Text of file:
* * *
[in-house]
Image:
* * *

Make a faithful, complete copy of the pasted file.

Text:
[in-house]
Image: